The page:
FOR the shortage-stricken agriculture sector the third rain spell in the first 37 days of the New Year has come as a huge relief. According to the meteorological department officials, another substantial spell will visit Pakistan this week and February will have above normal rain and snowfall.
Riding these spells, the Indus River System Authority (Irsa) on Jan 29 revised water shortage downwards from the previously calculated 38 per cent to the current 33pc. The percentage maybe revised further down in days to come, depending on the next rain spells and improvement in river flows.
The five per cent drop in shortage, in quantified terms, means an additional availability of 1.7 million acre feet of water in the system.
The Irsa system now has additional 1.7maf water from the system. With more to come in the rest of February, savings are bound to go up
These rain spells have already benefitted the system in three ways: additional water, decrease in demand and extension in canal closure resulting in further savings.
The Irsa system now has additional 1.7maf water from the system already arrived and exhausted; with more to come in the rest of February, savings are bound to go up.
River flows became healthy as well: total river flows last Thursday were 49,000 cusecs against 35,000 cusecs on the corresponding day last year. Due to the additional availability, the storage position improved to 1.8maf — the same as it was on the corresponding day last year.
At one point, in the beginning of the year, the gap between current and the previous year’s position was of 2maf, which now stands closed as a result of these spells.
Due to these happy signs, the Irsa thinks it may be able to substantially reduce early Kharif shortages, which historically run in the 40s.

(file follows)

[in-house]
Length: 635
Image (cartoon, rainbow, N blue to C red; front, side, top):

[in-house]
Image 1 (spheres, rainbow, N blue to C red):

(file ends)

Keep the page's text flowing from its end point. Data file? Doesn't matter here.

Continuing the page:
Sindh will be particular beneficiary of early Kharif water.
Owing to the rains the provinces have been able to bring their water demand down: for example, Punjab had planned to run its canals at 21,000 cusecs on Feb 7, but the total demand it received for the day was 18,000 cusecs.
As far as extended canal closure is concerned, Punjab, which used to open its canals after Dec 25, now plans to start them on Feb 12. Currently, only 20pc of its irrigation system is running.
Wheat and gram crops are expected to be major beneficiaries. However potato and maize may potentially face some kind of trouble if rains turn torrential and their period extends beyond the current forecast.
For wheat, the current rains have been a boon. With water shortages running at around 40pc farmers were forced to supplement water through expensive tube well pumping, where subsoil water is sweet, and miss it where underground aquifer is brackish.
The other deficit was a shortage of application of Di-Ammonia Phosphate (DAP) due to price factor — its price has gone up by almost Rs1,400 per bag in the last two months. Rain water could meet both these critical requirements.
Gram is the next biggest crop that is totally dependent on rains owing to it being a barani (rain-fed) area crop.
Its statistics underline the importance of the crop: as far as acreage is concerned, gram is the fifth largest crop after wheat (22m acres), cotton (eight million acres), rice (six million acres) and maize (three million acres).
It is sown on 2.7m acres and constitutes 60pc of the cereal import bill. Experts think that rain is as critical for gram as it is for wheat at this stage. If wheat can take care of food security, gram can help reduce the import bill as well as provide the poor with a cheap source of protein.
The two crops, which may possibly face some kind of risk due to the rains, are maize (for sowing) and potato (for harvesting). Farmers are preparing for maize sowing but persistent rains have deterred the effort.
If, as predicted, it rains next week as well, the farmers would be forced to delay maize sowing, especially in Punjab, where the crop covers over 1.8m acres. Though its sowing can be delayed into March, doing so will reflect in the yield. Maize farmers are thus keeping their fingers crossed.
In trouble is the potato crop, which is still 60pc underground and needs to be dug now. If next week’s rains cause water to remain standing in the field, it would block aeration and could damage the yield. Farmers are now de-capping the crop to keep it underground.
Published in Dawn, The Business and Finance Weekly, February 11th, 2019